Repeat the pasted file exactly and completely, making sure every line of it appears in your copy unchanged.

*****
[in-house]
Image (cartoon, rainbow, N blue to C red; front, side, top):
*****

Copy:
[in-house]
Image (cartoon, rainbow, N blue to C red; front, side, top):